running the mills at a loss, the threat of a strike, had it been made, would have had no terrors.
During this period depression overcame Colonel Halket. It was midsummer, and his great house in Canada remained closed. "I dread going to it somehow," he said to Floyd. "I can live on here—but to go back there and have all the memories of last summer recalled—it would make me feel too lonely and forlorn. I have got now to be with people."
In the end he chartered a steam yacht and sailed restlessly up and down the coast, stopping here and there, now for a day, now for a week. Floyd and the Dunbars and Stewart and Lydia Lee were with him for a time, and when they left him he secured other friends to keep him company, aged business men and lawyers from Avalon who were often seasick, talked tediously of the money and stock markets, and when they were more than a day at sea felt the lack of their newspaper. He sat with them at interminable games of cards and smoked too many cigars, and after a time the aimlessness of this vacation weighed on his spirits. When he had rid himself of the last of his guests, he finished his cruise and went home, though his charter of the yacht had still a month to run.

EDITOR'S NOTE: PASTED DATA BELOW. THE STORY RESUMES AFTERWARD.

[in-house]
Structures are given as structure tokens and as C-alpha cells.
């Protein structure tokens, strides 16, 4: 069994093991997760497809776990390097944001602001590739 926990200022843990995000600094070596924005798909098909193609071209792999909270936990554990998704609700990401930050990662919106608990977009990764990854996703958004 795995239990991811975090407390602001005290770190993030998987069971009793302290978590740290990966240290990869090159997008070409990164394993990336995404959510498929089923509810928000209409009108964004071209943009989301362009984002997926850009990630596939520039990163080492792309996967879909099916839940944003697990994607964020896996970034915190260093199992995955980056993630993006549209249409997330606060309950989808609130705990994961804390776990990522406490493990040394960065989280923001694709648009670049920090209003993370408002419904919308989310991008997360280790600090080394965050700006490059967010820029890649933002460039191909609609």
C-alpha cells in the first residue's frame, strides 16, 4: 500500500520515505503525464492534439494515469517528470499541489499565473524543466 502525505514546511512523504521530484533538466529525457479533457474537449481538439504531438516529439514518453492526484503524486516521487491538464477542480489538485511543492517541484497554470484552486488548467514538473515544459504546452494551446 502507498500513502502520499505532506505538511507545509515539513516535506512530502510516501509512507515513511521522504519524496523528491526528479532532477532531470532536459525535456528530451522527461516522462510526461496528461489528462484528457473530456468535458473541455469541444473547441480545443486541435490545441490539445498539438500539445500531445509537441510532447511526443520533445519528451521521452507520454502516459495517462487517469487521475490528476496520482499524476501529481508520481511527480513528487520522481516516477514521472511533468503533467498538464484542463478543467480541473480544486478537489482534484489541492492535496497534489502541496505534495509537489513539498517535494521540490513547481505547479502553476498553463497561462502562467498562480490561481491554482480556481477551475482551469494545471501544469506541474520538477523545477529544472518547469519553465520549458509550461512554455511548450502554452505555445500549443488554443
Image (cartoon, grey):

He was himself at a loss to account for the dejection which often now oppressed him. He felt perhaps that after issuing so gloriously into sudden national prominence he had ceased to make headway. How indeed was he to proceed? That was the question which confronted him. He could not write another autobiography, and the completion of that work had left him in a sense without an occupation, without an intimate personal interest, had left him more acutely conscious than before of his loneliness, his bereavement, his age. And from this weary consciousness he would start hopefully at any sign of public interest or favor, any invitation to speak at a banquet or to address a meeting; his appointment as chairman of the State Board of Arbitration gratified him, and the news-